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Man Utd clearout? Give us a break: Why this board's lack of bottle cultivates mediocrity

COMMENT: Clearout. Bombed out. Whatever the screaming headline. Another summer. Another predicted overhaul for Manchester United. But inevitably, it's an overhaul that never actually arrives...

How many times have we seen these claims? Season after season. Summer market after summer market. This will be the window. This will be the time when tough decisions are made. Big names are offloaded. The underwhelming. The underperforming. This time, they'll be shown the door.

But it never happens. The axe never falls. Indeed, often the opposite occurs. Those in the firing line not only receive a stay of execution, but are rewarded with a new contract and a pay-rise. And in the multiples too. For all the noise. For all the claims. It's obvious that ever since Sir Alex Ferguson's retirement - now nine years ago - there's been no-one amongst United's top brass willing to make a tough player call.

So the latest we have is the board won't be offering new contracts to those who's deals are due to expire in June. That is, Paul Pogba, Jesse Lingard, Edinson Cavani, Juan Mata, Tahith Chong and Lee Grant have all been encouraged to find new clubs. So no early intervention from the top brass. No transfer-listing. Players deemed unrequired simply allowed to pick up their wages and carry on until their contracts run out.

Another six, Anthony Martial, Donny van de Beek, Dean Henderson, Phil Jones, Axel Tuanzebe and Eric Bailly, have informed management of their wish to leave, but were told nothing will be decided until the new manager is in place.

So that's 12. A good dozen potentially to go. Including the troublesome Pogba and Lingard. But why now? Why not sooner? If management couldn't see a future with such players, why not act? Why simply allow both to carry on as usual?

We're not talking about balancing the books or fees here. This approach we've seen post-Ferguson runs much deeper than that. It's about - again - the culture within a dressing room. And how those sitting in board rooms can actually cultivate it.

Ferguson never shirked from making big calls on his squad. Whether it was collectively or individually, his 27 years at the helm of Manchester United can be dotted by controversial clearouts and sales. And no matter the flak he copped from fans and the press, Ferguson never backed down.

leeds-united-division-one-champions-1991-92.jpg

Strachan (4th bottom left) celebrates the 1991/92 First Division title with Leeds


In his early years, Ferguson upset many as he pushed out the likes of Norman Whiteside, Paul McGrath and Gordon Strachan. More would also follow, but that aforementioned trio went onto varying success and would make things uncomfortable for their old manager. But Ferguson never wavered. Later, he would suffer a heavier backlash in 1995 as he dumped title winners Mark Hughes, Paul Ince and Andrei Kanchelskis. But United ended that season as champions.

David Beckham. Jaap Stam. Again, Ferguson made calls on players we've not seen from a United manager since the Scot's retirement. They may've wanted to behind the scenes - certainly Jose Mourinho was one to demand it - but they were always blocked or undermined by those above them.

And with that, we have seen this culture of mediocrity continue to ferment. Knowing their contract is safe. Knowing all the trappings of being a Manchester United player is secure. The edge in these players is gone. It's lost. And as much as this column has talked about the need for leadership and drive amongst this playing group, it can all be undermined by a weak-minded management team above them.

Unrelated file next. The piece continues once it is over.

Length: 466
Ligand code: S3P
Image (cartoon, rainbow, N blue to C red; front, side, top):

Again, over these past nine years, we've never witnessed a United axing as we did when Ferguson demanded the sale of Beckham in 2003. Nor have we seen fans react as they did when he forced out Hughes, Ince and Kanchelskis for that 1995/96 campaign.

The big calls on players. The brave, risky decisions. This board has never had the stomach for them. And by ducking such decisions, they've simply helped develop a culture of short cuts and mediocrity.

As Paulo Dybala's contract runs down, if it boasted a Manchester United letterhead and not the Juventus version, it'd be a good bet it would have already been renewed. Sergio Ramos and Real Madrid? If he was a Manchester United player last summer, the Spaniard would not have been allowed to leave. The great clubs make the tough calls. The ruthless calls. It invites controversy. Anger. But the club and the team carry on.

Vincenzo Guerini, the former Fiorentina and Napoli coach, nailed such an approach when discussing the Dybala saga: "Juventus is like this ... Since the days of Boniperti and Trapattoni, the only thing that matters is winning, while the names come and go.

"Nobody clings to the club, I also think of (Alessandro) Del Piero: there is no recognition, after a while we no longer talk about them. The club is perfect and punctual, perhaps a little heartless."

This is what has been missing from United since the days of Fergie. An Ince. A Beckham. A Stam. It just hasn't happened since 2013. And given the state of the team these past years, there's been no reason for such leeway.

The need for a clearout is obvious. This dressing room needs a jolt. Pogba and Lingard may be a start but that's not enough. Marcus Rashford. Luke Shaw. An example is needed. These players need to know nearly enough is no longer good enough.

But such a call requires courage. And from what we've seen of this board, inevitably these decisions never actually arrive.


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Chris Beattie
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Chris Beattie

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